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Stephen Fry leads artists remembering the Holocaust

Stephen Fry meets Holocaust survivor Anita Lasker-Wallfisch at her London home. Credit: Holocaust Memorial Day Trust

Artists and writers have retold the stories of "imponderable brutality and evil" in works created to remember the Holocaust.

The Memory Makers project, run by the Holocaust Memorial Day Trust, paired seven British artists with Holocaust and genocide survivors living in the UK.

Illustrator Gideon Summerfield, 19, met a group of Holocaust survivors. Credit: Gideon Summerfield/Holocaust Memorial Day Trust

Those artists, who include Stephen Fry, filmmaker Gemma Green-Hope and illustrator Gideon Summerfield, created poetry, ceramics, sculpture, animation and film after hearing the survivors' stories.

Fry met 89-year-old Anita Lasker-Wallfisch, a cellist and a surviving member of the Women's Orchestra in Auschwitz.

Their meeting in November last year inspired a written response to the experiences she shared with him at her London home called "Art, Music, Life."

It's hard, it's grotesque and it's almost unbelievable but as witnesses to the imponderable brutality and evil of the Holocaust dwindle in number, so swell in number those who choose, for whatever reason, to deny its existence.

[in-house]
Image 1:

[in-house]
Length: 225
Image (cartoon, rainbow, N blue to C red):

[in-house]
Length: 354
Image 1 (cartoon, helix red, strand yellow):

Holocaust deniers are finding it easier and easier to wave a hand dismissively and claim that there's no proof, that the numbers are wholly exaggerated, that it was all a myth.

– Stephen Fry on why he took part in the project

Welsh animator Gemma Green-Hope met 82-year-old Ivor Perl, who was sent to Auschwitz with his parents and eight siblings and survived with only one brother.

Green-Hope said his story was both "remarkable" and "moving", adding, "I feel a connection with his story because my stepfather's grandmother was killed in Auschwitz and I wanted to help ensure that survivors' experiences are not forgotten by younger generations."

Martin O'Neil created a collage after his meeting with Holocaust survivor Bettine Le Beau. Credit: Martin O'Neil/Holocaust Memorial Day Trust

The other artists include London-based poet Sarah Hesketh, who met 92-year-old Holocaust survivor Sabina Miller, and London-born collage artist Martin O'Neil, who met 82-year-old Holocaust survivor Bettine Le Beau.

Ceramicist Clare Twomey created the "Humanity is in our Hands" project after meeting 49-year-old Nisad Sisko Jakupovic, a survivor of the Omarska concentration camp in Bosnia, while film director Debs Paterson met Holocaust survivor Janine Webber.

Clare Twomey will invite the public to give their thoughts on humanity. Credit: Holocaust Memorial Day Trust

Chief executive of the Holocaust Memorial Day Trust Olivia Marks-Woldman said:

These artworks remind us how important it is to confront all forms of hatred and discrimination wherever we see them, and we hope they will take their message to new audiences and communicate their lessons for us all.

– Olivia Marks-Woldman

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